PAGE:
I can’t always easily regulate my emotions anymore. Symptoms associated with chronic illness include depression, or mood swings. It’s pretty normal to be depressed about your whole life changing, without your permission. But, more than that, when someone physically alters a portion of your brain, that comes with unusual side effects too. Oh, and PTSD. I get severe anxiety seeing doctors now, and meeting new ones, for example. It’s taken me a long time to work out, and work with these changes. I love my therapist. She’s the bee’s knees, and without her, I don’t know how I’d have figured out a lot of things, and made some pretty sweeping changes to my life.
People don’t totally understand things like this; and it’s very difficult for people not close to you to understand; and it’s easy for them to rush to judgment. Oh, she’s crazy. Oh, she must need help. What do they mean by “help,” when they say that, anyway? Fuck those kinds of people, frankly. If you’re the kind of person who tells a brain surgery patient that she’s crazy because she’s having a bad day dealing with her ongoing health issues, which include mental status changes, then you are probably the one who needs help; and you are a meanie.
Let's say this as CLEARLY AS POSSIBLE: Brain surgery is a type of TRAUMATIC BRAIN INJURY. This is not just an appendectomy; it takes YEARS to recover from. I’ve had two, in a single year. If you met a soldier, hit by an IED, and he was a little teary-eyed one day, and then a little bit easily frustrated the next, would you push him around and say, “ugh, he needs help!” Umm, no. Because he has a traumatic brain injury. Same diff, folks. Same diff. Let’s get that right on the table, and stop being nasty to people with traumatic brain injuries; let’s recognize that it FUCKS with your mind.
Well, I still sneeze. Everyone sneezes. Imagine if someone claimed never having sneezed. It sounds weird; but, my grandma claims that she’s never, once in her life, had a single headache. How that’s possible with having had five children I’ll never know! I know that some ladies pee when they sneeze, especially after they’ve had children; maybe I should look into that and then I could pee more easily. But, sneezing is a Valsalva Maneuver. Normal people use a Valsalva Maneuver to equalize pressure in their ears. People with intracranial pressure issues can’t perform Valsalva Maneuvers without extreme pain. When I sneeze, I don’t get that, “oooh, that felt good,” sensation that everyone else gets. I get that, “shit, how did I survive that,” feeling. So, my sneezes sound like this: “aa-choo-aaaaaaoooooowww!”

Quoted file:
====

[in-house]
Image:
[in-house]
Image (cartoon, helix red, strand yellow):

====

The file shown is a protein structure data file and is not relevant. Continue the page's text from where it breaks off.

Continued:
This one shouldn’t bother me, so much. I guess a lot of middle-aged women don’t bend at the waist, especially based on the obesity rate in America! But, I used to be fully capable of bending. I still am, but it hurts. Blood and cerebral spinal fluid flows around a Chiarian’s brain and skull a little differently than around in a normal head; so, if I bend down, “timberrrrrr!”
Not Knowing About Passing Out
Did you ever wish you didn’t know something? There’s lots of things I wish I didn’t know, or wish I could unsee
I wish I didn’t know what it felt like to pass out. It happens occasionally, because of Chiari. It’s one of those things. It’s better to go along, blissfully unware, I think. It’s not the passing out that’s the bad part, really; it’s the waking up, and seeing that you scared the people around you.
Speaking of Knowledge – Mortality
I think everyone has a vague sense of their own mortality. We all know we’ll die. We all know that we won’t live forever. But, there’s a big chasm between that knowledge, and the sense of clarity you get when you are being wheeled back for someone to touch your brain. The first time, I wasn’t afraid, not until two minutes beforehand, when suddenly it occurred to me that how would Bryon really know that I loved him the way I meant to express it. What if I died? I kept shouting to him, all the way down the hall, until they knocked me out, right there, because I was hysterical. There’s a kind of terror in that feeling that can’t be expressed in words, a horror in knowing not that you might die, but that there’s no true way to make sure your loved ones know you love them. We use all that greeting card bullshit to say that telling them, and showing them works; but, when you are there, facing it for real, you suddenly realize that your heart is deeper and more full than you’d ever known. There’s no way to ever fully express what’s in it; and that’s the most horrifying part of mortality.